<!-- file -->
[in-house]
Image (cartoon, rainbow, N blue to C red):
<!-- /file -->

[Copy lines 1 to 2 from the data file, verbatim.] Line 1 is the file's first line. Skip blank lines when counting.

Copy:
[in-house]
Image (cartoon, rainbow, N blue to C red):